Study results, published in the June 11, 2013 issue of the New England Journal of Medicine, revealed that an older, conventional treatment regimen was just as effective as newer biologic drugs in rheumatoid arthritis patients who did not respond well to methotrexate alone. The older regimen consists of a combination of three disease-modifying anti-rheumatic drugs (DMARDs) -- methotrexate, sulfasalazine (Azulfidine) and hydroxychloroquine (Plaquenil).
The 48-week, double-blind, randomized clinical trial involved 353 people with rheumatoid arthritis who had active disease despite treatment with methotrexate alone. The patients were randomly assigned the combination therapy (methotrexate, sulfasalazine, and hydroxychloroquine) or Enbrel plus methotrexate. Patients who did not show improvement at 24 weeks were switched to the other treatment regimen without knowing. The primary outcome for the study was improvement in DAS28 at week 48. Results showed that both groups had significant improvement over the first 24 weeks. A total of 27% of participants in each group switched treatment at 24 weeks and had improvement after switching. Researchers concluded that the triple-drug combination therapy produced similar results to Enbrel plus methotrexate and was not an inferior treatment. A longer trial to confirm the results may be indicated.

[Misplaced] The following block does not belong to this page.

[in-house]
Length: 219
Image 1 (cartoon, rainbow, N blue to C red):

- Facts About Methotrexate
- Facts About Enbrel
- What Are Biologic Drugs?
- Severe Rheumatoid Arthritis - What You Need to Know
Photo by David Sucsy (iStockphoto)